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Doors: Creating your own Door Family: Part 2

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Welcome to the second part in this series of articles in which we explain how to create your own Door Family using the Family Editor, in Revit Architecture. If you have missed the first part in this series, you may wish to start here.



In this article we will take a look at Family Templates and in particular, the Metric Door Template. We will briefly discuss Instance and Type Parameters and examine how they control the geometry of your custom door family.


Let’s get started by loading up the Metric Door Template: Depending on where you are in the world, you may be using a different Revit Library format- ie Imperial, etc. The units may differ, but all the principles and concepts we will be discussing will be the same. From Revit’s “Recent Files” screen, I am going to open the “Metric Door” template…..



Because we are opening a Family Template, Revit automatically starts in “Family Editor” mode. I am assuming (for the purpose of this particular series of articles) that you have a basic familiarity of the Family Editor. If not, please read this article first.


This basic Door template is what you will use for the creation of your loadable door components, in almost all cases. Let’s switch to a 3D view and take a look at what our template consists of…..




So we have a section of wall, a basic opening formed in the wall and what appears to be an architrave around the opening- on both sides of the wall. Now as I want you to learn how to create everything from scratch, I am going to go ahead and delete both architraves- we will then form our own in due course. Go ahead and select each architrave and delete them. We are now left with a blank opening…..




This is now the bare minimum we need in order to create our own door family- a piece of wall and an opening in it! Don’t worry about the width of the wall of the dimensions of the opening- we are going to explain how these work in due course.


I’m now going to switch to an elevation view of our family and then a plan view. Here are the two respective views. First the elevation….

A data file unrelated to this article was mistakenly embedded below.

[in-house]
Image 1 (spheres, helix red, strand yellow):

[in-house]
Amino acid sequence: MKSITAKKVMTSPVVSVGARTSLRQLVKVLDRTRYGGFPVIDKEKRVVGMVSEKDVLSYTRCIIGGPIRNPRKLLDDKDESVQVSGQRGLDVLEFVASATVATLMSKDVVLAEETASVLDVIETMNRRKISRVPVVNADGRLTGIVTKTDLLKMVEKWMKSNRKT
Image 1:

And then the Plan view………



Let’s discuss each of them in turn. First the Elevation. Now, there are a few key things that I want you to notice. First of all the Reference Planes. These are the green dashed lines around the opening. And then the dimension labelled “Height”. In fact the 3 elements (Reference Lines, Opening and Dimension) are intrinsically linked- and it’s crucial that you understand their relationship.


The Reference Planes CONTROL the size and position of the opening itself. The Dimension CONTROLS the height of the horizontal Reference Plane at door head height. So to summarise: Dimensions CONTROL the positioning of Reference Planes and Reference Planes CONTROL the positioning of the 3D geometry- which in this case, includes the Opening itself.



Now let’s move onto the Plan View. Here it is again for reference…..




Again, there are some VERY important things to notice and discuss here. Firstly the Reference Planes. There are a number of Reference Planes here. Horizontally, there is one running along the centre line of the wall. This will ALWAYS lie on the centreline of your wall (regardless of wall thickness) when you add your door family to a wall element, in the Project Environment.


What isn’t clear from the image above is that there are Reference Planes on the Interior and Exterior faces of the section of wall, in the template. These Reference Planes are CRUCIAL- as they enable you to refer your geometry (with regards it position / size) back to the external faces of any wall (regardless of the wall type or thickness)


Vertically, three Reference Planes can be seen. The one in the centre will always be the centre of the insertion point, when placing your door in a wall, in the Project Environment. The other two Reference Planes (running vertically up the screen in our plan view) are the left and right side of the opening- so are in fact, the same Reference Planes we saw in elevation. All the Reference Planes in this template are names. Just select any of the Planes and take a look at it’s Properties to see it’s name. Below are the Properties for the Reference Plane which lies of the Exterior face of the wall….




Also notice the “Width” dimension in the Plan view. Just like in the Elevation view, the Width dimension CONTROLS the Reference Planes, which in turn CONTROL the width of the Opening.


In the next article we will use a Sweep to form the door frame and architraves. We will look at how to use Reference Planes (both the defaults planes and additional ones that we will create) to control the size and location of the door frame and architrave.



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